High technology industries provide a unique vantage point for the conduct of basic research, but in order for scientists to exploit the potential of the industrial environment it is necessary to create opportunities and incentives for interaction with other components of the industrial world. …the performance of basic research may be thought of as a ticket of admission to an information network.

Industrial basic research often is the unplanned byproduct of paying talented people to work on great practical problems

…the history of basic research in… industry suggests that a very large part of this research has been unintentional.

…if… Sadi Carnot… had been asked… what he thought he was doing, his answer would have been that he was trying to improve the efficiency of steam engines. As a byproduct of that particular practical interest, he created the modern science of thermodynamics.

If Pasteur had been asked what he thought he was doing back around 1870, he would have replied that he was trying to solve some very practical problems connected with fermentation and putrefaction in the French wine industry. He solved those practical problems – but along the way he invented the modern science of bacteriology.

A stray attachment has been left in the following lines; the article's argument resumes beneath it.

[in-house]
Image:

Industrial basic research at Bell Labs, for example, started with practical problems and ended up producing scientific advances

Back at the end of the 1920s when transatlantic radiotelephone service was first established, the service was poor because there was lots of static. Bell Labs asked a young man, Karl Jansky, to determine the source of the noise so that it could be reduced or eliminated. He was given a rotatable antenna to work with. Jansky published a paper in 1932 in which he reported three sources of noise: Local thunderstorms, more distant thunderstorms, and a third source. which he identified as “a steady hiss static, the origin of which is not known”. It was this “star noise”, as he labelled it, which marked the birth of radio astronomy…